The continual decrease in microelectronic device feature size, captured in the famous "Moore's Law", has come in part from a decrease in the wavelength of light used in the photolithographic steps used to pattern these features. Today, the most advanced production photolithography uses 193 nm ultraviolet (UV) light from an ArF excimer laser. At such short wavelengths, control of the polarization of the light becomes critical for achieving minimum feature size. Recently, PCCM researchers demonstrated a method for making grids of silicon (Si) nanowires, spaced by only 33 nm but aligned over square-inch areas. These Si grids polarize ultraviolet and deep ultraviolet light, even down to 193 nm. Since these polarizers are compact, do not deflect the beam, and function with light as it is being focused, they can be inserted into the lithographic optical train- and could also be used in the immersion lithographic processes which are on the horizon.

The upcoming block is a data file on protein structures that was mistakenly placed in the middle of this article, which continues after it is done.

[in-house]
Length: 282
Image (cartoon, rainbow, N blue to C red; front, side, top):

Figure 1: Schematic of the process flow for the fabrication of a Si nanowire polarizer.
Figure 2: Scanning electron microscope image of an oblique view of a Si nanowire grid, supported on a transparent quartz substrate. The wires have a pitch (line + space) of 33 nm.